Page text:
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Japanese cook books

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Peter Rossi Nov 14, 2004 04:50 PM

Can anyone recommend a definitive Japanese recipe book? I have bought the recent Harumi's Japanese Cooking and am disappointed with it - I wanted something more in-depth. It has recipes which seem very Westernised (basil/rosemary...).
I think I am looking for the Japanese equivalent of Sichuan Cookery by Fuchsia Dunlop or Simple French Food by Richard Olney.

Has anyone an opinion on any of the following?
Japanese Cooking: A Simple Art (Shizuo Tsuji, M.F.K. Fisher )
Shunju: New Japanese Cuisine (Charlie Trotter (Foreword), Takashi Sugimoto, Marcia Iwatate )
or the Nobu cookbooks?

Thanks

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  1. k
    ks RE: Peter Rossi Nov 14, 2004 10:17 PM

    I own Japanese Cooking: A Simple Art

    I don't know the other cookbooks you mention above, so I can't offer a comparison.

    But I will say that I really like it. It's the kind of cookbook I appreciate - lots of text, discussion of technique, useful drawings. Some pictures of completed dishes, but not a highly photographed, visual book. He breaks it down initially by method or style of cooking with some recipes and then in the second section gives more recipes.

    It's one of those books that's pretty detailed, but he also assumes you know what you're doing in a kitchen - the closest comparison I can think of is Paula Wolfert's Couscous and Other Good Food from Morocco (introducing a new cuisine at a fairly high level).

    Since it's almost 25 years old, perhaps a bit dated. I think the author was writing for an American audience that was inexperienced with Japanese food. But I'd rather have more explanation than less in my cookbooks so it works for me.

    1 Reply
    1. re: ks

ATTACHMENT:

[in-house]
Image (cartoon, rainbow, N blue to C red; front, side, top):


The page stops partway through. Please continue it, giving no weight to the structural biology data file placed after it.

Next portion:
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      Sthitch RE: ks Nov 15, 2004 01:18 PM

      I agree with you about this book. I love the simple teriyaki recipe.

    2. a
      applehome RE: Peter Rossi Nov 14, 2004 11:17 PM

      I'm half Japanese - I was born there and came to this country at age 9. I watched my Japanese mother cook fantastic meals all her life, and I cook and eat mainly in a Japanese style - the rice cooker is never empty of rice, and we have home made tsukemono with virtually every dinner (ok, not with chili and hot dogs).

      I've owned Tsuji's book for over 20 years. It's a definitive guide. When I have questions, it has answers. I've purchased a couple of others over the years - none of the ones you mentioned - and I may get some recipe ideas from them, but I never turn to them for specific information. The recipe's in Japanese Cooking are authentic, and cover many styles and traditions. The historic information - derivations, originations of styles and methods - is very good, and explains so much that my mother never did. I know that there's a lot of modern cuisine - items that started in the west and were brought back to Japan (like avocado and mayo in sushi!!!) - that you won't find in this book, but virtually every traditional and authentic style is represented. If there is a more definitive book on Japanese Cooking, I've never seen it.

      1. y
        Yukari Pratt RE: Peter Rossi Nov 15, 2004 01:38 AM

        I was born in Tokyo to a Japanese mother. Am currently studying washoku in Tokyo and I own several Japanese cookbooks. Hands down Tsuji is the authoritative book. Others you may want to consider include Elizabeth Andoh`s. Although, they are all out of print so you will have to do some searching, but great resources as well. She has three of them.

        Hopefully there will be more Japanese cookbooks coming out in the future, but for now, invest in the Tsuji. You will not regret it.

        Link: http://www.bento.com

        1. r
          ricepad RE: Peter Rossi Nov 15, 2004 02:15 PM

          I have (and use) Karen Green's "Japanese Cooking for the American Table" (or something like that). At first I was skeptical (dare I say with a racist context?), but after reading some of the recipes and her explanations, she's obviously done her homework. One of the things she covers is ingredient availability to the typical US consumer.

          While most of my Japanese home cooking comes from either my restaurant life or either Mom's or Obachan's recipes, the first resource I tap when I need it is Green's book.

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